Monday, January 18, 2010

School Budgeting: Special Education Deficit Back on the Rise, leading to local school district financial problems

Yesterday, I started a discussion of the District 742, St. Cloud area school district budget. I said that during this year of financial crisis for public education, as we confront union difficulties and difficulties at the State, I hear from a number of people who assert that its simple to make cuts. "Just do it," they say. So I thought it might be useful to take a look at some of the options that people will suggest from time to time. I think it might be useful to scrutinize it with a heavy dose of reality. In the next few days, I want to post some information about our budget and what we do to try to analyze whether it is at appropriate levels. Yesterday, I talked about the components of the general fund budget and placed each component of the budget in historical perspective. I showed that in the last 8 years, the regular instruction component of the that budget has grown faster than the growth of the general fund formula and that the district and school administration component has grown only slightly, far less than the formula, or of course the rate of inflation.

Today, I want to talk about special education in more detail. Several years ago, the Board of Education asked that our annual budget contain a special report on our special education revenues and expenses. This report is place in summary portion of the budget, so that the Board, the public, the staff, and our legislators can track what is happening in this important budget area. We decided to do that, because Special education is more than 25% of our total general fund budget, but also because it consistently operates at a deficit. When I first joined the Board of Education, I got a pit in my stomach every time I looked at the special education budget. Your natural instinct, when you are budgeting responsibly is to cut expenses so that they equal revenues, or to obtain new revenues to cover the deficit. Since 2004-2005 our special education deficit, the difference between our expenditures and revenues has fluctuated between $5.9 million and $6.5 million. I'm just not used to being associated with a business enterprise, or any enterprise that operates a major component of its operations at a deficit, and here, the deficit is over 25% of the special education budget, and about 7.5 percent of our general fund. We have to do something about this, I thought.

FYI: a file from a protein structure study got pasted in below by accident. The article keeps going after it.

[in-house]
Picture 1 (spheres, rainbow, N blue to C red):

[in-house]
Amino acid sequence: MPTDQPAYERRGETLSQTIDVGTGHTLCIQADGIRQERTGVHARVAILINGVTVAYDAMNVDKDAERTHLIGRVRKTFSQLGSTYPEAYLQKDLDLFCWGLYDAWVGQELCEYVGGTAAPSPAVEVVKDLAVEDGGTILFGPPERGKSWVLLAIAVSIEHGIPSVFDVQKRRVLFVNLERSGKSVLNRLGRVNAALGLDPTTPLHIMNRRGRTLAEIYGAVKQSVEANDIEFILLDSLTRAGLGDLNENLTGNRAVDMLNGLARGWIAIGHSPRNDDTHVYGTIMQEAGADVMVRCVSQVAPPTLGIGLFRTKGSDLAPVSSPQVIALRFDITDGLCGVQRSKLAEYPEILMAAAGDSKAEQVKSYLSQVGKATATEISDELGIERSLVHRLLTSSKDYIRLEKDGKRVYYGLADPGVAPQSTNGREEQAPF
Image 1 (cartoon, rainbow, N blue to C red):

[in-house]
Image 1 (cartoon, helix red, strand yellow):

Now nothing in my discussion of special education today deals with the merits of the program itself. Special education is an important weapon in our arsenal of services to education all children. There are many many children who grow to be productive adults precisely because they have received the special services that special education provides. On balance, like all of our educational services, dollar for dollar, the expenditures pay dividends in the long run. The problem is that the state and federal government have created a program that costs more than either the state or federal government are willing to pay for, and so they pay for it with the financial crippling of regular education services for children.